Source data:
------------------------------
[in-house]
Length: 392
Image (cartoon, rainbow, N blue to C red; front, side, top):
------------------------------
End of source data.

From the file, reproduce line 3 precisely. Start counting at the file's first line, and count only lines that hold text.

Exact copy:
Image (cartoon, rainbow, N blue to C red; front, side, top):